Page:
As the result of several meetings held in August, 1893, committees were appointed for obtaining funds, selecting a building, and gathering exhibits for the proposed museum. Before the Exposition closed, a special act of legislature was passed permitting its establishment in Jackson park; the museum had been incorporated; the South Park commissioners had consented to the occupation of the Fine Arts building; an organization of officials connected with the Fair had secured an enormous quantity of material contributed by exhibitors, and sufficient funds had been subscribed to pay the preliminary expenses. But the amount of these subscriptions was entirely insufficient even for the storage and preservation of the collections thus secured, to say nothing of further accretions, and without a large additional sum, no advantage could be taken of so splendid an opportunity. At this juncture it was that an endowment of $1,000,000 from Marshall Field, supplemented by the donations of a few intimate friends, dispelled all doubt of success. A working staff was appointed; the task of gathering material, whether by purchase or contribution, was vigorously prosecuted, as also was that of installation, and on the 2nd of June, 1894, the Field Columbian museum was dedicated and opened with appropriate ceremonies.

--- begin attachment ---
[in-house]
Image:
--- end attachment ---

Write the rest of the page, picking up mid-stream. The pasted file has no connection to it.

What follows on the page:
Such was the origin of an institution which, though usually identified with the Exposition, is far from being a mere memorial; for although, as yet, almost in its infancy, its scope already covers the entire domain of science, its collections so utilized, arranged, and classified under the manipulation of professors skilled in their several departments, that what enters the building as so much matter, becomes under their touch, as though inspired with the breath of life.

The museum is divided into four principal departments; Geology, Botany, Zoology, and Anthropology, each with several subdivisions, in addition to which there are special or monographic collections, including Textile and Ceramic industries, Gems and Jewels, Transportation, Columbiana, and others. From the beginning the work of the institution has been upon strictly scientific lines, ambitious and progressive. All the modern and most efficacious methods have been adopted, and in a number of instances marked advances may be noticed in manner and process, in detail and technique. One of the strongest features in the policy of the museum has been its individual field work, expeditions for research and collection having been dispatched as far northward as Alaska and as far southward as central Africa.